Two black University of Albany students hoaxed everybody into thinking they were victims of a race-based hate crime. They now face probation, community service, and fines.
Ariel Agudio and Asha Burwell are not going to prison despite the Albany County probation department’s recommendation of prison time and then probation.
Roger McDonough, the judge presiding over the trial, issued the sentence on Friday in front of a standing-room-only audience. The girls will each face 200 hours of community service coupled with three years of probation, as well as a $1,000 fine.
ALBANY — The former University at Albany students who were convicted of falsely reporting a hate crime on a CDTA bus last year avoided jail time Friday, and instead received a sentence of probation, community service and a fine.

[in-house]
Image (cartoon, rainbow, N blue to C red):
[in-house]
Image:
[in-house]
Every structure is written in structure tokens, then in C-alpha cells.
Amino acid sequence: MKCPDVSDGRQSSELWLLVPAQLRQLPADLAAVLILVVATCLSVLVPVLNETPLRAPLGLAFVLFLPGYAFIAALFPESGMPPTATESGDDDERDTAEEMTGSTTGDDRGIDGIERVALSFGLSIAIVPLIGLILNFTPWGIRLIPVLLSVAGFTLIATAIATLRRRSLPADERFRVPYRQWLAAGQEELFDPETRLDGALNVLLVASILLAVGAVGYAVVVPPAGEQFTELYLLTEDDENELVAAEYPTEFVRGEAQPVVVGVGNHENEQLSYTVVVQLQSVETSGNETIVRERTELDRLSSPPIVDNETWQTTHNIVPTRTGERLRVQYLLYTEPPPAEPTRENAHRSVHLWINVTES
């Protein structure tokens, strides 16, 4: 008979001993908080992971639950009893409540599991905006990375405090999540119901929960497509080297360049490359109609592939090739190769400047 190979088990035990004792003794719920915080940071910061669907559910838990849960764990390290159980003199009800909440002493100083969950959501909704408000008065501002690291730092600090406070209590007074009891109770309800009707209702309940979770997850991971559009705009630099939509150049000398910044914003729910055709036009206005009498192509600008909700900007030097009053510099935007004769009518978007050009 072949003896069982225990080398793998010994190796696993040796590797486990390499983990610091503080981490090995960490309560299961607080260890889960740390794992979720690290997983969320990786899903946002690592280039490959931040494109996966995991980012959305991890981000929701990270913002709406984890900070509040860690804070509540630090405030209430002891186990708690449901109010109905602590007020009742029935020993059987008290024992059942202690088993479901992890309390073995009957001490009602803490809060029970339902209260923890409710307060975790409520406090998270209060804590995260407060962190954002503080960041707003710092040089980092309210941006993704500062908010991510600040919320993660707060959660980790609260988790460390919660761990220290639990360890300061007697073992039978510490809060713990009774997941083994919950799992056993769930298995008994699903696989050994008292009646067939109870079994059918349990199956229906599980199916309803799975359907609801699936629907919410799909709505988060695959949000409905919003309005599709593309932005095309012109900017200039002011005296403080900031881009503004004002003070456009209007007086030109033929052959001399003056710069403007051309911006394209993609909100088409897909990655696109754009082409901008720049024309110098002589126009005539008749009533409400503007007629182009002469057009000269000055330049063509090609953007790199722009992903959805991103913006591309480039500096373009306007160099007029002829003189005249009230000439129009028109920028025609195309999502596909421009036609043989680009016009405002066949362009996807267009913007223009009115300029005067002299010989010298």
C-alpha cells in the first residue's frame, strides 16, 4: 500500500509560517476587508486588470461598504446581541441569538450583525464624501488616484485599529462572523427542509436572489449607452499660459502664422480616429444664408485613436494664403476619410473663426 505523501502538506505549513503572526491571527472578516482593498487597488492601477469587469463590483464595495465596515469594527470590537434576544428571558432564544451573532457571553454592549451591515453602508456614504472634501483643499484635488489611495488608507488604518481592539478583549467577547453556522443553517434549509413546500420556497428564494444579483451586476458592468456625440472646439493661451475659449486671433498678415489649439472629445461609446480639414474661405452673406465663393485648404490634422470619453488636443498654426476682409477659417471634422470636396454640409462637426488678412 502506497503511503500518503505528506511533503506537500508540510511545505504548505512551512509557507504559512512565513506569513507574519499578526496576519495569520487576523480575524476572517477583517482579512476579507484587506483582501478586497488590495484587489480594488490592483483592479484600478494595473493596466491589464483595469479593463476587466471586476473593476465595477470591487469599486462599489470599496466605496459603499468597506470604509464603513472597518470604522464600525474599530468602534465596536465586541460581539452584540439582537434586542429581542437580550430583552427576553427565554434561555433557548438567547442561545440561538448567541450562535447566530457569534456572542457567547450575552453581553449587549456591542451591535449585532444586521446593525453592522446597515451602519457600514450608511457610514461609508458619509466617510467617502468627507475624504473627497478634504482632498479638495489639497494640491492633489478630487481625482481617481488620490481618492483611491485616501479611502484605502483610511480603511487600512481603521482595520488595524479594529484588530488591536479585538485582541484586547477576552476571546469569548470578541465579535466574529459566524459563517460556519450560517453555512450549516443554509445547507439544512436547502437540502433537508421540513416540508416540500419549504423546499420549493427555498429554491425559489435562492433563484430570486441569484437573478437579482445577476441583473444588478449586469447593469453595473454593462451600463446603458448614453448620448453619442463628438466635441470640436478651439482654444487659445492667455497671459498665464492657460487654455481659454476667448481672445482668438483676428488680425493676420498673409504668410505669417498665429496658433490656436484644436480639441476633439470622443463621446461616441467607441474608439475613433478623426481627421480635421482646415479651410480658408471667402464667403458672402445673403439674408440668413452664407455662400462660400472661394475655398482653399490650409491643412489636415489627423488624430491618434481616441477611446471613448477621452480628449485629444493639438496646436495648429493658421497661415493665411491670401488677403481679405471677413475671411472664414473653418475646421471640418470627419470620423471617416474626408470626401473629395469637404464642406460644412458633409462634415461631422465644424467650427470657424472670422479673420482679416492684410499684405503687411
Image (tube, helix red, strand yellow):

“There have been significant consequences already for what has happened, but I don’t think there’s any benefit in sentencing you to a jail term — no benefit for society and no benefit for you,” he said.
The year-and-a-half-long saga isn’t quite over yet. Attorneys for the women filed a notice Friday to appeal the convictions, though they won’t be seeking a stay of the sentence, attorney Mark Mishler said.
Prior to Friday’s sentencing, Assistant District Attorney David Rossi told the judge that his office had never been interested in jail time for the women, and indeed still wasn’t.
“This case has never been about jail for us,” he said. “It has been about taking responsibility and setting the record straight so the community would heal. The defendants have chosen this path instead. Even now, all we’re asking for is an apology.”